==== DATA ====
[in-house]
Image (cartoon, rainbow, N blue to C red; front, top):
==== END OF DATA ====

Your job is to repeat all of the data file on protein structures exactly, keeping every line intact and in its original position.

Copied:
[in-house]
Image (cartoon, rainbow, N blue to C red; front, top):